A series of 1498 consecutive vertical incisions of chalazia was studied by the author to examine the spectrum of epidemiological presentation of chalazia for a population, the failure rate for incision and curettage and how each failure was managed. The number of incisions made in each chalazion was also examined as the author had developed an impression over the years that a better success rate was achieved with more than one incision. Using 3 vertical incisions, the 7.6% failure rate is considerably lower than previous studies in the literature in which only one incision was undertaken. This case series also supports a practical pragmatic approach as to how to manage failure of incision and curettage and questions the need for routine diagnostic biopsy to exclude ocular sebaceous cell carcinoma after first failure in incision and curettage.


Chalazion, Incision and curettage, Failure rate, Chalazion surgical rate, Ocular sebaceous carcinoma


The author had, over the years 1999 to 2015, developed an impression that the more incisions were undertaken in each individual chalazion, the greater the chance of success. This hypothesis was investigated in this study. Subsequent to the initial case series (1999-2015) the author changed his practice whereby he routinely undertook 3 incisions in each chalazion where the chalazion size allowed, presenting a further series of 351 cases (2016-2017). A review of the literature gives a range of failure rates for Incision and Curettage (I + C) of chalazia. Single series studies with small patient numbers (n = 42-129) indicate failure rates of 13%, 28% and 21% [1],[2],[3]. Meta-Analysis study (264 patients) gives a failure rate of 22% [4]. These failure rates in the literature relate to procedures in which a single incision was undertaken.

Material and Methods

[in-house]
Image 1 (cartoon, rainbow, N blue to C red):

The site of the chalazion was marked prior to anaesthetic injection. Local anaesthesia comprised 5ml subcutaneous injection of Lignocaine 1% with adrenalin in the affected eyelid and 4 drops of tetracaine placed in the inferior conjunctival fornix. The lid was everted using a chalazion clamp, typically with an opening of 7.5mm. One to four vertical incisions (5-6mm long) were made into the tarsal conjunctival plate and a 2mm/3mm double ended curette inserted to break up the loculations with in the chalazion. No antibiotic ointment or drops were applied and no padding of the eye beyond 10 minutes to ensure haemostasis. It is not routine practice in the United Kingdom (UK) to send off histopathological specimens after I + C chalazion and this was not done. Where chalazia were multiple ( 3 eyelids affected), incision was usually performed on more than one visit. Every patient received verbal and written instructions to contact the Primary Care Ophthalmology (PCO) service directly if there were any concerns after surgery, being given both telephone and email contact details. Routine follow up after incision is not undertaken. However patients have immediate free direct open access for review if the chalazion persists. There are no financial or administrative barriers to prevent prompt review at the patient’s direct request, either by email or phone call to the eye clinic office. Where a subsequent intervention was required, this was usually a repeat surgical incision and curettage. During 2008 and 2009 trans-conjunctival triamcinolone (10mg/ml. 1ml) injections were used on a few patients (n = 6) as a second line treatment. Every patient record between 1999 and 2015 was examined in order to identify each chalazion surgery undertaken, presenting an initial consecutive case series of 1147 incisions. This allowed an investigation of some of the epidemiological characteristics of patients presenting with chalazia, the incidence of failure of incision and curettage and how the cases of failure were managed. The data was collected looking at the individual failure rate of each chalazion I + C and was not collected looking at the failure rate for each patient. This allows for an analysis that takes into account patients presenting with more than one chalazion. Subsequent to the analysis of the data 1999-2015, a further analysis of patient records 2016-2017 was undertaken to provide a second case series of 351 incisions.